Although any form of design is subjective, for a quantifiable measure of beauty could never be achieved, I often feel that a good collection lies in the clarity of expression - when the designer essentially speaks through their clothing.  I try on a piece and I know all I need to know about that designer.  Of course it never does stop there, because that feeling, of knowing the designer through their clothing, makes me want to know more - the idea behind the clothing that I identify with so personally, the ideas that motivate the designer who can create something I find so special.  It is the start of a journey, to understand and to appreciate.

For a long time much of Plokhov's work at Cloak did not really click with me.  There were pieces I loved, but a lot of it I did not understand.  There was something lost in translation so to speak.  However as these things seem to go, once you begin to delve under the surface of that which you do not understand, you gain an appreciation.  Nowadays I hold Cloak in incredibly high esteem - understandably too late in reality, however I do keep an eye out for select second hand pieces.  In fashion the focus is always on the newest thing, and so, in a way I am glad we can look back and admire that which has already passed.  As much as fashion progresses, it will always been rooted to its relationship with the past, because it is only though understanding what went before that you can truly sustain something new.  Whether that be old craft skills applied to new techniques, or old shapes reworked into a new look.


xxxx

5 comments:

  1. your writing style trounces mine i must say. give this lad a job i say!

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  2. Really enjoyed this. I think people could take a lot from your point about the ironic distinction made between two seasons ago and two decades ago. I don't mind the word vintage at all, when it is used to describe clothes that come from anywhere between 1920 and 1990, but I do find it strange that we're so quick to dismiss after a year the clothes we'll later cherish as trophy vintage pieces in our wardrobes as if it really means anything. The sense of disregard and disrespect I feel for a lot of things in fashion is saddening. And so is the caprice.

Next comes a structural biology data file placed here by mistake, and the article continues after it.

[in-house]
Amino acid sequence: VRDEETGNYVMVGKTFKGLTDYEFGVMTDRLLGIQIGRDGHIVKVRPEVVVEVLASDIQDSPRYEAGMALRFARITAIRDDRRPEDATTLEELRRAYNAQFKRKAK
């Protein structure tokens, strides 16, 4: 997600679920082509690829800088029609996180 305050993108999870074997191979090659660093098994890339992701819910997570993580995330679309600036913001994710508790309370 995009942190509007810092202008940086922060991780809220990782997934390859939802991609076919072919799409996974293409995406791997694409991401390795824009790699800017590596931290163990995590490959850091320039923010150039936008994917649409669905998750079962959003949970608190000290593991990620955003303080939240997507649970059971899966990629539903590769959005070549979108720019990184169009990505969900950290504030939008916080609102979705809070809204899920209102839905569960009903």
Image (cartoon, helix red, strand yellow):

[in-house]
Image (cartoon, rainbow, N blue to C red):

I've found myself thinking a lot lately about the way attitudes in fashion do the medium no favours and keep it from being truly respected as an art form in its own right.

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  3. I just love reading your writing.

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  4. Amazing outfits, very fashionable! I really love reading your posts.

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  5. I do hate how we just throw things away after a few seasons and don't give it any thought. I love all these looks; I wish they would have stuck around!
    -Meagan
    http://spunkychateau.blogspot.com